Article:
Louise Lecavalier in Heroes Symphony Choreography
In the 1990s, Philip Glass composed two symphonies whose thematic sound material is a reinterpretation of certain motifs found in two of David Bowie’s albums Low and Heroes (in collaboration with Brian Eno). In the British artist’s career, ‘Low‘ and ‘Heroes‘ are the adventurous pathways to a trilogy which has too easily been coined “Berlin Trilogy”; the album ‘Lodger‘ from 1979 being the final chapter.
In his effort, Glass partially captures the essence of Bowie’s two works to write his two symphonies. “Low” is composed of three movements whose total duration is 43 minutes, while Heroes fragments into six movements having an almost identical duration. Based on the repetition of short melodic fragments, these symphonies take the public on an enchanting atmospheric journey, far from any minimalism which, alas, has often defined the music of Glass.
Low / Heroes, A Hyper-Cycle Berliner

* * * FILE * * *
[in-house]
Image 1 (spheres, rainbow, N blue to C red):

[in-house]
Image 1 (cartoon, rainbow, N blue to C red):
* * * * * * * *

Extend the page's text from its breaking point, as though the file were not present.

The creation revolves around the axis of the trilogy whose spectacularization is made possible through the power of the work and its hypnotic resonance found in the filmic universe of Renaud Cojo. For the first symphony Low, Cojo performs Low Symphony whose fictional backdrop is set in Berlin. For the second symphony Heroes Cojo films Heroes Symphony Choreography with Louise Lecavalier and Frédéric Tavernini whose images are generated live. Between the two symphonies, “The Diary of Nathan Adler” or “The Ritual Art-Murder of Baby Grace Blue: A non-linear Gothic Drama Hyper-Cycle“, written by Bowie in 1996, is interpreted live by Bertrand Belin accompanied by Stef Kamil Carlens from a cover of Bowie’s “Art Decade”.
Low : A film by Renaud Cojo. Music Philip Glass (Glass, Bowie, Eno) / Symphonie N°1 : “Low”
The Diary of Nathan Adler : Text David Bowie, Concept : Renaud Cojo. With Bertrand Belin. Live music : Stef Kamil Carlens. Video concept : Laurent Rojol. Scenography : Eric Charbeau, Philippe Casaban. Light: Eric Blosse
Heroes : Choréography Louise Lecavalier. Dancers : Louise Lecavalier and Frédéric Tavernini. Video concept : Laurent Rojol, Renaud Cojo. Camera assistent caméra : John Lipsz. Art director: Jaden Scholes. Studio du château St Ambroise (Montréal).
Production: Ouvre Le Chien, Opéra National de Bordeaux, Office Artistique de la Région Aquitaine, Cité de la Musique, Spectre Production, Jack Fébus Films. Avec le soutien de l’Institut Français de Berlin – Bureau du Théâtre.